spare paddle consensus

I have just sold my last “spare” boat in the fleet and threw in a war club paddle that was often used as a spare.

I realize that now all of the paddles I own I actually give a crap about, and cannot see them put into “spare” paddle day trip status. I have been thinking about a 4 piece paddle to put inside to clean up the deck for wet entry reasons.

I find that my favorite paddles are all high angle, big bladed, (corryvrecken types) with both bent and straight shafts, varying from 210 to 215cm, depending on the boat of the day.

I was wondering if other paddlers, (read more experienced0, spare paddles change with the type of water, or if there is any logic to the selection of a spare?

I am different
I am different than you and I find that I don’t need to change paddles size or style for different waters.

I paddle with a 3 piece carbon fibre Greenland Northern Light paddle that seems to satisfy all my needs, from still lake water paddling to large ocean swell or wave surfing.

I find it difficult to change paddles and takes me a little while to adjust to a different blade, even if the difference is subtle. I like the predictability of one paddle and to know what I can do with it.

As a spare I have an identical paddle on the back deck: low profile and does not get in the way of rescues (which are reenter and roll anyway).

Not too sure about more exp., but,
I generally pack a greenland storm paddle for the following reasons;it fits on the front deck so no hinderance of cowboy scramble, if I lose a paddle in a dire moment there’s no need for assembly, I can roll, scull, brace and paddle just fine with it, it’s the cats’ meow when there’s a heinous headwind and it’s relatively inexpensive.

That being said, there are times where I want two specific paddles or one of two but not sure which one. Then the GSP is left behind for another choice.

All the best, tOM

Some common sense: If you lose your paddle when on the water, would you really want your spare to be out of reach “inside”?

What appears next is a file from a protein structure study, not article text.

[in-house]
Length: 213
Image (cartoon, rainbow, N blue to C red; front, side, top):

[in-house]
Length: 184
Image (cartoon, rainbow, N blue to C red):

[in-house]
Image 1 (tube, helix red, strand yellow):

I keep a home made 3 piece spare on my back deck. Have never had to use it, though I’m also a tame water kayaker.

But laughingly, I was queried about it deridingly by a paddling buddy on one jaunt. Almost immediately after he said something, he smacked his paddle on a guy wire on a dock we were passing and it was wrenched out of his hands, plus he had no leash. He was nearly helpless and I had to paddle over to bring him his lost paddle.

At that point I made sure to remind him that was why I had a spare on my boat! He was chagrined, you can bet on that.

Good quality spare
If I’m on a long trip and need to use my spare paddle for several days, an inferior paddle could ruin the trip. I have a Werner Camano for my spare. I never would have spent that much money on a spare—it came free with a used kayak I bought.

Logic for the spare
If you have to actually use it, you’ll be very unhappy with a club. I ended up in this situation a couple of seasons ago. I got to the launch and had a last minute problem that meant I had to actually use my spare all day. By day’s end I had resolved that I would not paddle with a spare that was any less pleasant to use than my usual main paddle - ie a few hundred dollars worth of lightweight. I was hurting for a couple of days due to the weight of the paddle and, because it wasn’t as efficient as my normal, how high I had to run my cadence to keep up.

One argument I have heard for a heavier spare is in surf or rocks, for those worried about the fragility of foam core paddles. Heavier may be better there.

Another logical approach is to carry both a Euro and a GP, so aging bodies can take a rest by switching off the two paddling approaches. Of course that works better if you are already comfortable paddling with a GP…

I agree with one point above - having the spare any place that makes retrieval complicated is a risk, and a completely unnecessary one. Put the spares on the front deck so they are readily available. You can get or make a pair of Paddling Britches if needed to help anchor the splits, or modify the deck rigging.

One of the exercises that is a wonderful thing to practice is to capsize, lose the paddle, and grab a split off the front deck from upside down to help roll up. I have only been able to complete this process using a GP myself because I need something pretty major to grab. But we have friends who can do it with half of a regular Euro.

I’m also a proponent of only keeping 'good’paddles on the boat, and having them in reach, preferably already assembled. Also, I almost always do the GP/EP mix, that way I don’t have to decide which to use before putting in.

When I first fell in love with the GP, I used to go out with 2 of them, but if there’s a situation where someone in a group needs a spare and they’ve never used a GP before, that would be a problem.

pick up where I left off